Over the past century, there has been spectacular women who have dedicated their lives to support certain issues. These activists have made it possible for our generation to have a voice and to have fair treatment in our work place and equal voting rights.
There’s a ton of them but today I want to tell you about 5 women rights activists that have and are still inspiring me.
1. Funmilayo Ransome Kuti (25 October 1900 – 13 April 1978)
Ransome Kuti was a teacher, political campaigner, women’s rights activist and traditional aristocrat of Nigeria. She served with distinction as one of the most prominent leaders of her generation. She was also the first woman in the country to drive a car. Ransome-Kuti’s political activism led to her being described as the doyen of female rights in Nigeria, as well as to her being regarded as “The Mother of Africa.” Early on, she was a very powerful force advocating for the Nigerian woman’s right to vote.
Throughout her career, she was known as an educator and activist. She and Elizabeth Adekogbe provided dynamic leadership for women’s rights in the 1950s. She founded an organisation for women in Abeokuta, with a membership tally of more than 20,000 individuals, spanning both literate and illiterate women.
Her achievements in summary
- One of the women elected to the native House of Chiefs, serving as an Oloye of the Yoruba people.
- Ranking member of the National Council of Nigeria and the Cameroons.
- Treasurer and President Western Women Association of the National Council of Nigeria and the Cameroons.
- Leader of Abeokuta Women’s Union.
- Leader of Commoners Peoples Party.
- Leader of Nigeria Women’s Union.
- First woman to drive a car in Nigeria
- Winner of the Lenin Peace Prize.
In 1978 Funmilayo was thrown from a third-floor window of her son Fela’s compound. She lapsed into a coma in February of that year, and died on 13 April 1978, as a result of her injuries.
2. Laila St. Matthew-Daniel
Born February 14, 1953 in Lagos, Nigeria. executive coach, leadership trainer, speaker, author, women’s rights activist and writer. Laila is the founder and President of ACTS Generation GBV, a non-governmental organization which combats domestic violence and child abuse in Nigeria. She has organized various protests for the rights of women and the girl-child, some of which are the Buni Yadi Massacre of February 2014 and part of initiating group who organized first protest against the Chibok schoolgirls kidnapping by the Boko Haram. She has organized various sensitization seminars and workshops to empower women on the issues of self-mastery, self-awareness, and self-actualization.
3. Margaret Ekpo (June 27, 1914 – September 21, 2006)
Ekpo was a Nigerian women’s rights activist and social mobiliser who was a pioneering female politician in the country’s First Republic and a leading member of a class of traditional Nigerian women activists, many of whom rallied women beyond notions of ethnic solidarity. She played major roles as a grass root and nationalist politician in the Eastern Nigerian city of Aba, in the era of an hierarchical and male-dominated movement towards independence, with her rise not the least helped by the socialisation of women’s role into that of helpmates or appendages to the careers of males.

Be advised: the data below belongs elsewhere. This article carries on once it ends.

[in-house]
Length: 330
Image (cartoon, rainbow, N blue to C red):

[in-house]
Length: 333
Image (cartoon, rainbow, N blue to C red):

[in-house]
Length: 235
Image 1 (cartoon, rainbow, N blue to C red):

Margaret Ekpo’s awareness of growing movements for civil rights for women around the world prodded her into demanding the same for the women in her country and to fight the discriminatory and oppressive political and civil role colonialism played in the subjugation of women. She felt that women abroad including those in Britain, were already fighting for civil rights and had more voice in political and civil matters than their counterparts in Nigeria. She later joined the decolonisation-leading National Council of Nigeria and the Cameroons (NGNC), as a platform to represent a marginalised group. In the 1950s, she also teamed up with Funmilayo Ransome-Kuti to protest killings at an Enugu coal mine; the victims were leaders protesting colonial practices at the mine. In 1953, Ekpo was nominated by the NGNC to the regional House of Chiefs, and in 1954 she established the Aba Township Women’s Association. As leader of the new market group, she was able to garner the trust of a large number of women in the township and turn it into a political pressure group. By 1955, women in Aba had outnumbered men voters in a citywide election.
She won a seat to the Eastern Regional House of Assembly in 1961 and in 2001, Calabar Airport was named after her.
4. Funmi Falana
Falana is a Nigerian legal practitioner and women’s rights activist She is the wife of Femi Falana, a renowned Nigerian activist and lawyer.
Funmi Falana currently serves as the National Director of Women Empowerment and Legal Aid (WELA), a non-governmental organization that defends the right of women and children.
5. Betty Abah (born March 6, 1974)
is a Nigerian journalist, author and a women and children’s rights activist. She is the founder and Executive Director of CEE HOPE, a girl-child rights and development non-profit organization based in Lagos State.
Abah has been involved in several cases, defending cases of human rights violations. Some of them include campaigns for the release of the Chibok girls abducted by the Boko Haram terrorist in North East Nigeria, campaigns for the environmental rights of Niger Delta women, the case of the torture involving three women in Ejigbo, Lagos by members of a vigilante group, the case of the kidnapping of Ese Oruru, among others.